Music, Print, Reviews May 11, 2020

Album Review: Michael Morrow & The Culprits – I’m With The Banned

by Nate Wilde

Michael Morrow & The Culprits have proved themselves to be a mainstay in the Colorado music scene with their latest effort I’m With the Banned. Their grasp on classic 1970’s rock with bluesy undertones has made them as iconic as their predecessors (in the Northern Colorado music scene, at least) and their new release exemplifies this to a T.

The record kicks off with “The Rambler,” an ode to the road, placing the listener in a drive across desolate wastelands reminiscing about better times. Moreover, it takes us directly to 1972 with vocal harmonies and feelings of despair reminiscent of The Eagles’ “Outlaw Man.” The classic rock, blues-forward guitar solo here takes the song out full-throttle, a la Lynyrd Skynyrd’s iconic “Freebird.”

The album’s first single “Cherry Blossom” is The Culprit’s take on one ever-present classic rock theme: songs about women. It comes complete with blues riffs and lyrics describing her garb: appropriately enough, bell-bottoms.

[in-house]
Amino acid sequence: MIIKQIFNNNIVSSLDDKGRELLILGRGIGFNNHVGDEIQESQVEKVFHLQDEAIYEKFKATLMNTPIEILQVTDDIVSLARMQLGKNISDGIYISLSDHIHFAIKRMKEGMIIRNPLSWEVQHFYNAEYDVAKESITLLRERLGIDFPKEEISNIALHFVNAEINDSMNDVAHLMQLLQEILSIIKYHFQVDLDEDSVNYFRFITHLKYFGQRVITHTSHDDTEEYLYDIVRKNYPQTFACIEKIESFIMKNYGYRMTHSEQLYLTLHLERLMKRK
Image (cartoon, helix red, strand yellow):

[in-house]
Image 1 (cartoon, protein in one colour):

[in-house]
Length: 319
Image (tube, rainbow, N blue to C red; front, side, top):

I’m With The Banned gets sleazier with “Hustler,” another straight-up dirty blues song about the fairer sex, with an undeniable KISS feel, both lyrically and instrumentally. This should be expected, as The Culprits are also known to don black and white makeup and rock KISS covers in their respected tribute act KISSm.

I’m With the Banned closes out with the most purely rock ‘n roll track of the collection, the eclectic “Wayside.” It incorporates the aforementioned KISS-like elements a la “Detroit Rock City,” pays tribute to the rock and roll era of diners, leather jackets, and poodle skirts, and even touches on 80’s stadium rock with shouts that make the listener practically smell the Aquanet in their hair.

The Culprits rhythm section: Steve Haywood (UK) on bass, Tim Elliott on drums.

With young bands like Greta Van Fleet and Dirty Honey bringing back the classic rock style of the 70’s, Michael Morrow & The Culprits can carry that torch for Northern Colorado as proudly now as they would have back in the day.